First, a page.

In Reply Dr Kitchell provides us an opportunity to explain the methods used in the IOM report on geographic variation more fully. The report used Medicare’s GPCI to adjust physician spending for geographic variation in input prices. We know of no serious concerns about the measurement of the price of the nonphysician inputs in the GPCI, such as the wages of billing clerks.
Questions about the GPCI center on the weight given to its physician work component and how well the geographic units it uses approximate local labor markets. Fortunately, the effects of inaccuracies in these 2 dimensions are necessarily limited. Physician work accounts for about half of physician costs (slightly more or less depending on the year), but by statute it is only given a weight of one-quarter of that amount in the actual index.1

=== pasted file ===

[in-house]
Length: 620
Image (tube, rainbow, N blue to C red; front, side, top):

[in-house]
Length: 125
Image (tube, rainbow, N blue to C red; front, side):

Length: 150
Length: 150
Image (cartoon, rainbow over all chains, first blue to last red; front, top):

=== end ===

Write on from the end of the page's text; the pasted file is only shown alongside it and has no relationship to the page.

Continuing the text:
Newhouse JP, Garber AM. Geographic Differences in US Health Care Spending—Reply. JAMA. 2014;311(6):624-625. doi:10.1001/jama.2013.284333